sTeamTraen wrote:
Mon Aug 16, 2021 2:05 pm
lpm wrote:
Mon Aug 16, 2021 9:09 am
We are pretty certain that our highly vaccinated populations are close to herd immunity from adult vaccination alone.
Is that true, though? My understanding of "Herd immunity" is that the population R number goes (well below) one. The infectiousness of delta seems to mean that that is hard to achieve.
The number of new cases each day is only slowly increasing so Rt is obviously only a little bit more than one despite the high R0 of Δ.
molto tricky

User avatar
lpm
Stummy Beige
Posts: 3474
Joined: Mon Nov 11, 2019 1:05 pm

Re: Summer Solstice Unlockdown

Post by lpm » Mon Aug 16, 2021 2:21 pm

Yes, it's not just the mathematical equation, we also need to add in basic social distancing, masks, working from home. Under 2019 behaviours we'd be a long way off herd immunity. Under current behaviours obviously R isn't far off 1, one way or the other (although that's with schools temporarily closed).

The vaccines significantly reduce transmission, via both reduction in RNA being spewed out during infection and reducing the number of days of infectiousness. A fair bit of coercion is justified.
What ever happened to that Trump guy, you know, the one who was president for a bit?

User avatar
Bird on a Fire
Princess POW
Posts: 6774
Joined: Fri Oct 11, 2019 5:05 pm
Location: Portugal

Re: Summer Solstice Unlockdown

Post by Bird on a Fire » Mon Aug 16, 2021 2:39 pm

shpalman wrote:
Mon Aug 16, 2021 2:13 pm
sTeamTraen wrote:
Mon Aug 16, 2021 2:05 pm
lpm wrote:
Mon Aug 16, 2021 9:09 am
We are pretty certain that our highly vaccinated populations are close to herd immunity from adult vaccination alone.
Is that true, though? My understanding of "Herd immunity" is that the population R number goes (well below) one. The infectiousness of delta seems to mean that that is hard to achieve.
The number of new cases each day is only slowly increasing so Rt is obviously only a little bit more than one despite the high R0 of Δ.
Is that accounting for the decreasing number of tests?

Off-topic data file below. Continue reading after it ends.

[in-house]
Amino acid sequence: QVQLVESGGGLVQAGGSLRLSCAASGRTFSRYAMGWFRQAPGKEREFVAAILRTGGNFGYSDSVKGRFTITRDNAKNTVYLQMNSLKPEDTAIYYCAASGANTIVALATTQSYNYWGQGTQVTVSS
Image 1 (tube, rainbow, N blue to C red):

He has the grace of a swan, the wisdom of an owl, and the eye of an eagle—ladies and gentlemen, this man is for the birds!

User avatar
Woodchopper
Stummy Beige
Posts: 3929
Joined: Sat Oct 12, 2019 9:05 am

Re: Summer Solstice Unlockdown

Post by Woodchopper » Mon Aug 16, 2021 3:57 pm

lpm wrote:
Mon Aug 16, 2021 2:21 pm
Yes, it's not just the mathematical equation, we also need to add in basic social distancing, masks, working from home. Under 2019 behaviours we'd be a long way off herd immunity. Under current behaviours obviously R isn't far off 1, one way or the other (although that's with schools temporarily closed).

The vaccines significantly reduce transmission, via both reduction in RNA being spewed out during infection and reducing the number of days of infectiousness.
Yes, indeed.

User avatar
shpalman
Light of Blast
Posts: 5361
Joined: Mon Nov 11, 2019 12:53 pm
Location: One step beyond

Re: Summer Solstice Unlockdown

Post by shpalman » Mon Aug 16, 2021 4:14 pm

Bird on a Fire wrote:
Mon Aug 16, 2021 2:39 pm
shpalman wrote:
Mon Aug 16, 2021 2:13 pm
sTeamTraen wrote:
Mon Aug 16, 2021 2:05 pm


Is that true, though? My understanding of "Herd immunity" is that the population R number goes (well below) one. The infectiousness of delta seems to mean that that is hard to achieve.
The number of new cases each day is only slowly increasing so Rt is obviously only a little bit more than one despite the high R0 of Δ.
Is that accounting for the decreasing number of tests?
What decreasing number of tests?
molto tricky

KAJ
Fuzzable
Posts: 241
Joined: Thu Nov 14, 2019 5:05 pm
Location: UK

Re: Summer Solstice Unlockdown

Post by KAJ » Mon Aug 16, 2021 4:54 pm

shpalman wrote:
Mon Aug 16, 2021 4:14 pm
Bird on a Fire wrote:
Mon Aug 16, 2021 2:39 pm
shpalman wrote:
Mon Aug 16, 2021 2:13 pm

The number of new cases each day is only slowly increasing so Rt is obviously only a little bit more than one despite the high R0 of Δ.
Is that accounting for the decreasing number of tests?
What decreasing number of tests?
From coronavirus.data.gov.uk/details/testing last months "All Pillars" numbers.

Code: Select all

date	newTestsByPublishDate
2021-08-15	674,509
2021-08-14	656,190
2021-08-13	826,362
2021-08-12	815,286
2021-08-11	845,795
2021-08-10	751,448
2021-08-09	728,011
2021-08-08	689,437
2021-08-07	662,089
2021-08-06	795,658
2021-08-05	828,867
2021-08-04	850,249
2021-08-03	722,419
2021-08-02	727,637
2021-08-01	671,342
2021-07-31	677,371
2021-07-30	840,189
2021-07-29	866,068
2021-07-28	913,452
2021-07-27	800,665
2021-07-26	812,126
2021-07-25	791,097
2021-07-24	757,969
2021-07-23	911,753
2021-07-22	1,016,134
2021-07-21	1,042,385
2021-07-20	888,078
2021-07-19	1,076,936
2021-07-18	1,041,184
2021-07-17	784,623
2021-07-16	979,046
2021-07-15	1,181,072

Post Reply